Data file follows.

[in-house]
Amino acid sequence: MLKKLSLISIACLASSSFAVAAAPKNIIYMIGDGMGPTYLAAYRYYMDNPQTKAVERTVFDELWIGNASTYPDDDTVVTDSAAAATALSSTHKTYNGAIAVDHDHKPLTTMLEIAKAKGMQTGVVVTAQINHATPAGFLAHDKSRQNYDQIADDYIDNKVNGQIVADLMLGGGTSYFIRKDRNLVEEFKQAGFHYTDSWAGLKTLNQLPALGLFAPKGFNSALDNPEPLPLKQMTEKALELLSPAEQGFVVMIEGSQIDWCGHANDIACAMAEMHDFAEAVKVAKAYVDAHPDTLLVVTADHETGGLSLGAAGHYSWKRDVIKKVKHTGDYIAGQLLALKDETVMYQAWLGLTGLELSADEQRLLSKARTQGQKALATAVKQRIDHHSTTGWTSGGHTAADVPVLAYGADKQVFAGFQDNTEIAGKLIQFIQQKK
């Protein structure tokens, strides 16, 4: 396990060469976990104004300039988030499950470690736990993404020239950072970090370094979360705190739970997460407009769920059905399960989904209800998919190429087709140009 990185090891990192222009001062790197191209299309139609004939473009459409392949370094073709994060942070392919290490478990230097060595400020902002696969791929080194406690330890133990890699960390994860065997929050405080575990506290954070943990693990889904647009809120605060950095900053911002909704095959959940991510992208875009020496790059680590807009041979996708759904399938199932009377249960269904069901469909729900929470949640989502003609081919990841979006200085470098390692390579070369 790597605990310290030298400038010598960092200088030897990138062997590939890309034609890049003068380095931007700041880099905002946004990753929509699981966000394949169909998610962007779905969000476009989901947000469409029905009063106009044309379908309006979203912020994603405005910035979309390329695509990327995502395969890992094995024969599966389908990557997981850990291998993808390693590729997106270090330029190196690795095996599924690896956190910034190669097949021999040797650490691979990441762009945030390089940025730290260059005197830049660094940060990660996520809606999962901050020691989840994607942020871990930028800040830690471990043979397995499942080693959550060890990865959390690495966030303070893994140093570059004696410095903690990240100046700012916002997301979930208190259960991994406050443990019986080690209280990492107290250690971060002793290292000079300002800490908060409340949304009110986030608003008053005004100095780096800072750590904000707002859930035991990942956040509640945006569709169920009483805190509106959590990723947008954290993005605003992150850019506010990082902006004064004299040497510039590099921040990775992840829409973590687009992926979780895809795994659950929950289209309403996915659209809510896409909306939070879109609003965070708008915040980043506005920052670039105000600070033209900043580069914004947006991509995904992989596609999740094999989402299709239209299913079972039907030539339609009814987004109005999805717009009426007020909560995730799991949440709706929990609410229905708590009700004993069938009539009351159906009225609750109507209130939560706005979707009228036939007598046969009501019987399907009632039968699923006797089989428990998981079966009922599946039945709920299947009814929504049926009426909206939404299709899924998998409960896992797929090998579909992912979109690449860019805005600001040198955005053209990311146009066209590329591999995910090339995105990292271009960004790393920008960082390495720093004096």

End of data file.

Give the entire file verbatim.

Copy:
[in-house]
Amino acid sequence: MLKKLSLISIACLASSSFAVAAAPKNIIYMIGDGMGPTYLAAYRYYMDNPQTKAVERTVFDELWIGNASTYPDDDTVVTDSAAAATALSSTHKTYNGAIAVDHDHKPLTTMLEIAKAKGMQTGVVVTAQINHATPAGFLAHDKSRQNYDQIADDYIDNKVNGQIVADLMLGGGTSYFIRKDRNLVEEFKQAGFHYTDSWAGLKTLNQLPALGLFAPKGFNSALDNPEPLPLKQMTEKALELLSPAEQGFVVMIEGSQIDWCGHANDIACAMAEMHDFAEAVKVAKAYVDAHPDTLLVVTADHETGGLSLGAAGHYSWKRDVIKKVKHTGDYIAGQLLALKDETVMYQAWLGLTGLELSADEQRLLSKARTQGQKALATAVKQRIDHHSTTGWTSGGHTAADVPVLAYGADKQVFAGFQDNTEIAGKLIQFIQQKK
């Protein structure tokens, strides 16, 4: 396990060469976990104004300039988030499950470690736990993404020239950072970090370094979360705190739970997460407009769920059905399960989904209800998919190429087709140009 990185090891990192222009001062790197191209299309139609004939473009459409392949370094073709994060942070392919290490478990230097060595400020902002696969791929080194406690330890133990890699960390994860065997929050405080575990506290954070943990693990889904647009809120605060950095900053911002909704095959959940991510992208875009020496790059680590807009041979996708759904399938199932009377249960269904069901469909729900929470949640989502003609081919990841979006200085470098390692390579070369 790597605990310290030298400038010598960092200088030897990138062997590939890309034609890049003068380095931007700041880099905002946004990753929509699981966000394949169909998610962007779905969000476009989901947000469409029905009063106009044309379908309006979203912020994603405005910035979309390329695509990327995502395969890992094995024969599966389908990557997981850990291998993808390693590729997106270090330029190196690795095996599924690896956190910034190669097949021999040797650490691979990441762009945030390089940025730290260059005197830049660094940060990660996520809606999962901050020691989840994607942020871990930028800040830690471990043979397995499942080693959550060890990865959390690495966030303070893994140093570059004696410095903690990240100046700012916002997301979930208190259960991994406050443990019986080690209280990492107290250690971060002793290292000079300002800490908060409340949304009110986030608003008053005004100095780096800072750590904000707002859930035991990942956040509640945006569709169920009483805190509106959590990723947008954290993005605003992150850019506010990082902006004064004299040497510039590099921040990775992840829409973590687009992926979780895809795994659950929950289209309403996915659209809510896409909306939070879109609003965070708008915040980043506005920052670039105000600070033209900043580069914004947006991509995904992989596609999740094999989402299709239209299913079972039907030539339609009814987004109005999805717009009426007020909560995730799991949440709706929990609410229905708590009700004993069938009539009351159906009225609750109507209130939560706005979707009228036939007598046969009501019987399907009632039968699923006797089989428990998981079966009922599946039945709920299947009814929504049926009426909206939404299709899924998998409960896992797929090998579909992912979109690449860019805005600001040198955005053209990311146009066209590329591999995910090339995105990292271009960004790393920008960082390495720093004096």